I am loving Walk Score. The results pretty well reflected my intuitive sense of the relative walkability of each place. For one, it distinguished correctly between my place and my brother’s: just over five minutes’ walk apart, but in quite different blocks with his being much closer to the more residential, commercially fancier Madison and Park Aves and to Central Park. Beautiful, but a bit further from everyday amenities.

Of course these are scores based on fairly current information. It would be interesting to see how scores change over time. Our Brooklyn apartment would not have been so walkable even 3 years ago.

Looking forward to testing this in London.

Brooklyn, but first Boston

[Originally posted on a now-defunct blog]

I’ve been wandering around the streets of New York grinning in excitement and am now hanging out with Maggie at her apartment in Inman Square. Less than three days after I flew into NY, my roomie Josh and I found a lovely apartment. After we signed the lease there was no need to stay in Manhattan, so I’ve Fung-Wahed up to Boston to see Maggie and Ev and a few Fletcher folk, do some errands, and get my boxes.

Fletcher everywhere. In New York: After signing our lease on Saturday, we went for brunch with Parker (at whose and Seiji’s apartment we were crashing – is that grammatical?) and Paul at Pastis, the bistro in the Meatpacking District that the Sex and the City women were always going to. Diner grub with Alissa and Josh in Williamsburg. Coffee with Jane W. in Union Square. Pizza and Magnolia Bakery cupcakes with Seiji and Gail in the West Village, followed by Belgian beer with Dan and Corinne in Greenwich Village, followed by my quick exit due to an unpleasant in-stomach encounter between cupcake and beer. In Boston: Coffee with Eiden at Diesel, where we ran into Maria S. Drinks with Steph, Wyatt and Wolfe at Orleans. Pizza with Steph and Tom H at Emma’s. Tomorrow, breakfast with Alissa at Renée’s.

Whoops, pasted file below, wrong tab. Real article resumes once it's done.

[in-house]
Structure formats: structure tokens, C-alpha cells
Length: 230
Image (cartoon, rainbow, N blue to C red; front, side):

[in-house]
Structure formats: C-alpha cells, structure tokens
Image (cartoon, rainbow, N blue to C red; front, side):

Back to our apartment. It’s a beautifully kept, sunny, shiny place in Boerum Hill, a bobo neighborhood in Brooklyn. It’s the neighborly-cafe-bar-bookshop fantasy I had in wishing to live in Brooklyn, and which I’d figured was probably unattainable in our price range. It’s across the street from a laundromat and a drugstore… steps away from a supermarket and rows and rows of cafes, bars and restaurants… 10 mins by bus to the Park Slope organic food co-op, which runs 80% on members’ labor and as a consequence you can get groceries for just 17% above wholesale… 20 mins walk to the BAM Cultural District and the lovely Olmsted-designed Prospect Park… and most astonishingly, four feet from the subway station.